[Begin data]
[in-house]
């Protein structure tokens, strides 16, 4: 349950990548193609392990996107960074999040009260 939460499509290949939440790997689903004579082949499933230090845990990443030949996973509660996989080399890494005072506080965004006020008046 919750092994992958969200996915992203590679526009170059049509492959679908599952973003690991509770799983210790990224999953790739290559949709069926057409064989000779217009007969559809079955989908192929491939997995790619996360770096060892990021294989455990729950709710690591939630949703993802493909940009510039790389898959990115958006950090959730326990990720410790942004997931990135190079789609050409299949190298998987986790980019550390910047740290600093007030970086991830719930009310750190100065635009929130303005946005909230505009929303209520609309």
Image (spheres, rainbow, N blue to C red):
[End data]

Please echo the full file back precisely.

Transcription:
[in-house]
């Protein structure tokens, strides 16, 4: 349950990548193609392990996107960074999040009260 939460499509290949939440790997689903004579082949499933230090845990990443030949996973509660996989080399890494005072506080965004006020008046 919750092994992958969200996915992203590679526009170059049509492959679908599952973003690991509770799983210790990224999953790739290559949709069926057409064989000779217009007969559809079955989908192929491939997995790619996360770096060892990021294989455990729950709710690591939630949703993802493909940009510039790389898959990115958006950090959730326990990720410790942004997931990135190079789609050409299949190298998987986790980019550390910047740290600093007030970086991830719930009310750190100065635009929130303005946005909230505009929303209520609309």
Image (spheres, rainbow, N blue to C red):